While welcoming the publication of the HSE 2013 National Service Plan, Mental Health Reform has today (10/01/13) said that the HSE’s budgetary constraints cannot be allowed to undermine the Government’s commitment to investing €35million in mental health services in 2013.
The Service Plan spells out how the Budget 2013 commitment to investing an additional €35million for the development of mental health services in 2013 will be spent. 477 new staff are to be appointed using the €35million promised for 2013. The Service Plan also commits to completing the appointment of the 414 staff committed in Budget 2012, which has been inexcusably delayed to date.
Mental Health Reform Director Orla Barry commented: “we welcome the assurance from HSE Director General Designate Tony O’Brien that appointment of new staff for mental health services will be fast tracked. The delay in appointing the promised staff for 2012 was disappointing and we hope that no such delay will be allowed to occur this year. Mental health services have seen an overall decline in staffing numbers since this time last year, with a drop of over 400 staff during 2012, so the prompt appointment of all of the promised new staff is a matter of urgency. We are concerned by the announcement in the Service Plan of a planned reduction of at least 102 acute inpatient beds. Such a reduction cannot happen until adequate community services are in place.”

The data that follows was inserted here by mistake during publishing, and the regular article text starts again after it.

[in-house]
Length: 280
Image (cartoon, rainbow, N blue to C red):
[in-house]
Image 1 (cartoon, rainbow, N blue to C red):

“We note the acknowledgement by the HSE that delays in implementation of the 2012 Plan were the result of budgetary pressures. It is concerning that the €35 million investment planned for 2013 is ‘subject to affordability’. We need a clear message from the HSE and the Government that there is real commitment to investing €35 million this year. Otherwise there is a risk that mental health funding will once again be siphoned off and used to shore up deficits in other areas of the HSE.”
“We are pleased to see attention being paid to specialist mental health services for forensics, for older people and for people with intellectual disabilities – areas that have historically been neglected. The decision to invest in an information technology system for mental health is also extremely important and is a positive step towards having reliable, national information on community-based adult mental health service delivery and outcomes. This gap to date has prevented stakeholders from assessing improvement in the mental health services. Finally, we welcome the move to invest €2.5million in the National Counselling Service and we once again urge that this service be extended to people on low incomes and not only to those with a medical card”, Ms. Barry continued.
“Mental Health Reform would like to thank Minister for Mental Health Kathleen Lynch for her continuing efforts to prioritise improved mental health services and to work towards the implementation of A Vision for Change”, Ms. Barry concluded.